FutureGen is dead. Again.
The Department of Energy pulled the plug on this $1.1 billion project in Illinois: a “clean coal” power plant that would capture carbon dioxide and store it underground.
President George W. Bush proposed the carbon-free power plant in 2003 but shelved the project five years later because of cost overruns. President Obama’s Energy Department revived the plant in 2010. Now, five years and $200 million later, the financing is being terminated because the project can’t be completed by its September deadline.
FutureGen isn’t the only carbon capture and sequestration plant to run into trouble. Southern Co.’s Kemper Plant in Mississippi — like FutureGen, a stimulus handout recipient — has been plagued with delays and cost overruns. The estimated cost, initially projected at $2 billion, now stands at $6.1 billion, making it the most costly coal-fired plant in U.S. history.
Obama wasn’t kidding when he said, in 2008: “So if somebody wants to build a coal power plant, they can. It’s just that it will bankrupt them because they are going to be charged a huge sum for all that greenhouse gas that’s being emitted.” He just neglected to mention that taxpayers and ratepayers would be stuck with the tab.
Candidate Obama made the comment when pitching his “cap-and-trade” plan to make coal-generated electricity prohibitively expensive. But when Congress refused to pass cap-and-trade, the president decided to use the federal bureaucracy to regulate new and existing coal plants out of existence.
The Environmental Protection Agency has proposed regulations that effectively would ban construction of coal-fired electricity generating units. To meet emissions standards, new plants would have to install the carbon capture and sequestration technology that has driven Kemper and FutureGen into the financial ditch.
Bizarrely, the proposed rule cites both projects as evidence of significant progress toward commercialization of carbon capture and sequestration. In fact, they serve as exhibits A and B for why the federal government’s clean power plan is destined to drive up energy costs for families and businesses.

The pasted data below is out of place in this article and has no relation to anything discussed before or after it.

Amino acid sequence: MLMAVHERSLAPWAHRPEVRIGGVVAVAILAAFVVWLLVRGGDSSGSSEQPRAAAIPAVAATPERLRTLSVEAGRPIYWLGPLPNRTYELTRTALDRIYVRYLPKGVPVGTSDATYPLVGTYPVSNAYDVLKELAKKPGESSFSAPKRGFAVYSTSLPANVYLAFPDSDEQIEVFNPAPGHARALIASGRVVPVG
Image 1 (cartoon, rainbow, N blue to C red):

Coal remains the single largest electricity source in America. As a power source, it is plentiful, affordable and clean. The U.S. boasts 487 billion tons of coal recoverable with today’s technology. That is enough to provide electricity for over 500 years at current consumption rates.
Markets — not bureaucrats — should drive how much coal Americans use. But the administration seems committed to promulgating regulations that will drive coal plants off the grid and drive consumer energy costs through the roof.
Make no mistake: It’s not just “coal country” that would take an economic hit because of these regulations. Sharply higher energy prices will ripple throughout the economy, increasing the cost of producing and delivering virtually every type of good or service. Those costs will be passed on to consumers. As their pocketbooks absorb hit after hit, they will be forced to buy less. That, in turn, will force companies to shed employees, close entirely or move to other countries where the cost of doing business is lower.
Researchers in The Heritage Foundation’s Center for Data Analysis have examined how killing coal would affect our economy. Using a derivative of the U.S. Energy Information Administration’s National Energy Model System, we found job losses of more than 600,000 by 2023.
Income for the typical family of four would drop more than $1,200 per year.
What does the planet receive in return for that economic sacrifice? A change in global temperatures almost too small to measure. Using a climate calculator and model developed by the EPA, climatologists Paul Knappenberger and Pat Michaels project that the EPA’s climate regulations would, by the end of the century, mitigate warming by 0.02 of a degree Celsius. High costs killed FutureGen again last week. It’s time for Congress to step in and kill the administration’s clean power plan — before the regulations kill family and business budgets across the country.
Originally appeared in the Washington Times.
Source material can be found at this site.